Apple-Cheddar Muffins and Little Sparrows

IMG_1706Somehow it’s muffin weather, and I have already consigned my sandals to the back of the closet (sob). So I was thinking muffins and when Jim brought back a bag of the first new apples of the season, started thinking of apple muffins. I found an interesting recipe for Apple-Cheddar Muffins in a Williams-Sonoma cookbook called Muffins & Quick Breads, and went for it. Oh, joy, they were really nice, with a fine, moist texture, little nubbins of apple and the indefinable, glowing, buttery flavor of the cheddar–you only catch interesting little hints of actual cheese. This muffin instantly won a permanent berth in my baking repertoire–they would be as at home on the Thanksgiving table as in a lunch bag or for a morning snack.

IMG_1684Apple Cheddar Muffins

12 muffins

IMG_17071 large, crisp apple
1-1/2 cups flour
1/4 cup uncooked oatmeal
2 tablespoons sugar
2 teaspoons baking powder
1/2 teaspoon baking soda
1/2 teaspoon salt
3/4 cup milk
2 eggs
1/4 cup butter, melted
3/4 cup finely grated Cheddar cheese

Preheat oven to 400 degrees. Place paper cupcake liners in pan.

Peel, halve and core the apple. Cut it into 1/8-inch dice; set aside.

In a large bowl, toss together the flour, oatmeal, sugar, baking powder, baking soda and salt. Set aside. In a medium bowl whisk together the milk, eggs and melted butter until smooth. Stir in the apple and cheese. Add to the dry ingredients and stir just until blended.

Spoon into the muffin tin, using all the batter in the 12 liners–it won’t overflow when baked. Bake for about 20 minutes; cool in tin for 3 minutes, then remove.

Baking notes: When I chopped up the apple, it came to 1 cup, and that worked. But I don’t think it’s a problem if you have a little more or a little less. Also, I didn’t peel the apple.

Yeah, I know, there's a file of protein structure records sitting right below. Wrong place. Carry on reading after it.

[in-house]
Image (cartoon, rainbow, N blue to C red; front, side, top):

The garden is winding down, but I keep seeing interesting little creatures, like this dragonfly. I’m calling him Old Blue Eyes!

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I must have birds on the brain, because this cloud looks like its flying.


The hostas are in bloom . . .


and the sparrows are as sweet as ever.



Here’s a young sparrow. Love him!


and, here is the newest addition to our household–we haven’t decided on his name. Jim opts for Moose (he’s a big cat), but I like Teddy (he’s big and cuddly). So we’ll see which one sticks! We found him at the Anderson Animal Shelter, and it was love at first sight. He had been abandoned, so much of his fur was matted and they had shaved it off–so he looks a bit moth eaten. Also, he doesn’t have all his teeth and is 8 years old. But he’s ours! He’s been busy exploring the house.


Turns out he is a natural food stylist! Here he is adjusting/eating some leaves.


Peace to you. Fran




Cinnamon Toast Cake and Milkweed Pods